Exploring the Technology Behind Electric Vehicle Batteries

    06 April 2022

    Editor's note: This story is the first in a three-part series that will explore the main issues surrounding electric vehicle technologies.

    Because they power electronic devices we depend on every day, batteries have become an important part of our lives.

    The main purpose of a battery is to provide and store electricity. Companies have long sought to develop smaller, more powerful batteries. They want to make devices that can hold an electrical charge for longer periods of time.

    In this file photo, batteries for electric vehicles are manufactured at a factory in Dongguan, China, on September 20, 2017. (REUTERS/Bobby Yip)
    In this file photo, batteries for electric vehicles are manufactured at a factory in Dongguan, China, on September 20, 2017. (REUTERS/Bobby Yip)

    One of the biggest future needs for batteries is expected to be the electric vehicle, or EV, market. The change from cars powered by gasoline to electric vehicles is partly the result of government measures. Governments say they want to reduce levels of carbon dioxide and other heat-trapping emissions.

    The most common kind of battery in use today is the lithium-ion battery. These devices power everything from smartphones to computers and EVs. Lithium-ion batteries are expected to remain the most widely used for EVs in the future.

    The two main parts of a battery are the cathode and anode, the U.S. Department of Energy's Argonne National Laboratory explains. The cathode acts as the battery's positive side, while the anode is the negative side.

    A chemical solution called an electrolyte permits the flow of electrical charge between the cathode and anode. Positively charged particles of lithium, known as ions, move through the electrolyte traveling from the anode to the cathode. This movement creates a continuous flow of electrons to provide electricity.

    When a rechargeable lithium-ion battery is charged, the chemical reactions happen in the opposite way. This means the lithium ions travel from the cathode back to the anode.

    One of the main materials used to produce lithium-ion batteries is lithium, a light metal substance. Other necessary materials include graphite, a form of carbon, as well as the metals cobalt, manganese and nickel.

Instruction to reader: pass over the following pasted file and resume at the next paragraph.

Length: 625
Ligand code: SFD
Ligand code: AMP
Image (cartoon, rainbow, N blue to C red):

The cathode in a lithium-ion battery is generally made of cobalt, manganese and nickel. The anode is made of graphite. Both the cathode and anode can store lithium.

    Nickel contained in the cathode creates high energy density. This permits EVs to travel farther on a single charge. Cobalt ensures that cathodes do not easily overheat or catch fire. It also helps to extend the life of EV batteries, which automakers usually guarantee for eight to 10 years.

    These materials are currently widely used to produce lithium-ion batteries. But increasing demand has led to higher prices and supply problems for manufacturers. So, many companies are studying ways to change the mix of chemicals they use.

    Researchers at the Argonne National Laboratory have been developing a method that increases the use of manganese and lithium, while reducing the amount of cobalt. This method reduces costs, and the element is more available. Experiments with manganese have shown it can also improve a battery's energy density and safety, the researchers said.

    "The demand for energy storage is too great for one technology to fulfill it..." researcher Jason Croy said in a press release. He is a physicist in Argonne's Chemical Sciences and Engineering department. "Manganese is a good option for that," Croy added.

    Some automakers are looking to another kind of battery to power their cars – solid state batteries.

    The main difference between lithium-ion and solid state is that solid state batteries do not contain a liquid electrolyte. Instead, thin layers of solid electrolytes carry lithium ions between the cathode and anode.

    The development of solid-state batteries for EVs remains ongoing. Industry experts who spoke with Reuters news agency said mass production of these batteries is at least three to five years away.

    Manufacturers investing in solid-state have said the technology provides batteries that are more energy dense. This means they can be made smaller or hold more power for longer trips. Solid-state batteries can also charge faster and are less likely to catch fire.

    At the same time, it is harder to draw power from solid-state batteries. And they can have a shorter overall life than lithium-ion batteries. Industry experts say cost is also a major consideration. Currently, a solid-state battery costs about eight times more to produce than lithium-ion ones.

    So far, automakers investing heavily in solid-state include Ford, BMW, Toyota, Volkswagen and Hyundai. They are currently attempting to improve the technology in hopes of creating an EV product that can one day effectively compete with lithium-ion.

    I'm Bryan Lynn.

    Bryan Lynn wrote this story for VOA Learning English, based on reports from The Associated Press, Reuters and the Argonne National Laboratory.

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    Words in This Story

    battery – n. a device that provides and stores electricity for electronic devices, vehicles, etc.

    emission – n. the act of producing or sending out something (such as energy or gas) from a source

    positive – adj. an electrical charge that is carried by protons

    negative – adj. a charge that has more electrons than protons

    density – n. the relationship between the weight of a substance and its size

    option – n. a choice

    physicist – n. a person who specializes in the field of physics

    layer – n. the amount of a substance covering a surface